Economists see upside to China COVID chaos: higher 2023 economic growth


China’s rapid reopening after years of COVID restrictions has shocked policymakers, businesses and health experts. The country is likely enduring millions of cases and thousands of deaths each day, with one official estimating that 90% of residents in one province had caught COVID.

But economists think that China might quickly get through its COVID wave and start growing its economy again after years of pandemic controls, like snap lockdowns and lengthy quarantines, dragged down the country’s GDP. Banks are also pointing to statements from Chinese policymakers that the government will focus on supporting the economy and scale back its crackdown on private tech companies to back up their more bullish predictions.

Banks raise projections for China GDP growth

In a research note published Monday, economists at Morgan Stanley raised their GDP forecast for 2023 to 5.7%, an increase of 0.3 percentage points from earlier forecasts.

“The near-term pain of a fast reopening will likely be compensated by an earlier and stronger recovery,” Morgan Stanley’s economists wrote. “The market is under-appreciating the far-reaching ramifications of reopening,” they continued.

Other financial institutions have also upgraded their GDP forecasts since China abandoned its harsh pandemic controls.

Goldman Sachs increased its 2023 GDP forecasts to 5.2% in mid-December following China’s COVID pivot. The U.S. investment bank hasn’t increased its forecast since then, but in a research note on Monday, the bank said it was prepared to be more bullish about growth. “The risk to these estimates may well be on the upside if COVID caution diminishes relatively quickly now that the peak in nationwide cases is probably behind us,” the bank wrote.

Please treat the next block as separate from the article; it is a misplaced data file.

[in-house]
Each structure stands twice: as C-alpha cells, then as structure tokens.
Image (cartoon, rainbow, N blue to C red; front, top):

BlackRock economists forecast 6% GDP growth in China for 2023 in a research note released Monday, “cushioning the global slowdown.” Yet the asset manager’s economists warn that the growth rebound will be fleeting, saying they “don’t expect the level of economic activity in China to return to its pre-COVID trend, even as domestic activity restarts.”

Institutions cut forecasts for China GDP growth

International economic institutions are less optimistic than investment banks. In December, the World Bank said it expected China’s GDP growth to hit 4.3% in 2023, trimming its earlier GDP growth forecast of 4.5% for the country. The World Bank said its prediction was “subject to signficant risk,” citing “the possibility of renewed mobility restrictions” and “persistent stress in the real estate sector.”

In November, the International Monetary Fund projected that China would have 4.4% GDP growth in 2023. Last week, IMF managing director Kristina Georgieova warned that China’s COVID surge could drag down the world economy. “The impact on Chinese growth would be negative, the impact on the region will be negative, the impact on global growth will be negative,” she said. 

A Bloomberg consensus of economists predict that China’s economy will grow by 4.9% this year. 

Beijing will announce its GDP target for 2023 in March. China’s government targeted 5.5% GDP growth for 2022, though last week President Xi Jinping estimated that China’s economy was only able to grow by 4.4%.

Is China passed peak COVID?

Chinese officials now think the country may have already experienced the worst of the outbreak, at least in major cities. Beijing’s acting mayor told state media on Tuesday that he believed peak COVID had passed. Health experts have accused China of minimizing the scope of its current COVID wave by taking steps like narrowing the definition of a COVID death. Yet economists are heartened by a recovery in mobility, with subway attendance and domestic flights increasing from lows in December.

China’s outbreak is now spreading to the mainland’s countryside, putting pressure on under-resourced rural healthcare systems. Health experts are worried that the coming Lunar New Year holiday—when migrant workers return to their homes in the country’s heartland to see family—could worsen the outbreak further.

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